Natasha Aponte, the woman who lured the would-be dates to a park in New York City last week, and Rob Bliss, the creative director behind the project, told "Good Morning America" Thursday that the ruse had been in the works for two years.
"The purpose of making this video was to simply take the Tinder experience and bring it into the real world," Bliss explained.
Aponte messaged dozens of men on Tinder and eventually asked them all to meet her at Manhattan's Union Square Park on Sunday. When they arrived, she jumped out on stage, delivered a speech and asked them to compete for the date.
While many of the men went home, a few stayed to partake in the competition.
Bliss, who's behind several other recent viral video campaigns, said the extreme competition-style date provided a great insight into dating habits in the 21st century.
"It's kind of become socially acceptable to like disqualify people and say, like, you have to be X height, you have to work X job," he said, comparing it to Aponte's own disqualifying list for the potential suitors. "This project proved that doesn't matter at the end of the day."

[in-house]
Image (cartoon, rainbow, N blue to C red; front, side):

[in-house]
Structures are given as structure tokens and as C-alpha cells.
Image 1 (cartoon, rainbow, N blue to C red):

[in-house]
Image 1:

Some outside commenters took issue with the real-life dating game and shared their opinions on social media, while a few men who participated seemed to have hurt feelings and bruised egos.
Aponte said that looking back on the stunt she doesn't have any regrets.
"I'm taking all of the hits right now, but I don't mind that," she said. "Because I know who I am and I'm secure in myself.
"It's funny cause a lot of the negative [comments] that I'm getting, from these guys, are still in my inbox trying to date me," she added.
Aponte ultimately went on a date with one of the men from the competition and agreed with Bliss that this experience taught her something unexpected in the process.
"Be open because the person you actually might be with is something that you would never, ever choose," she said.
Bliss maintained that they were not selling anything with the viral stunt.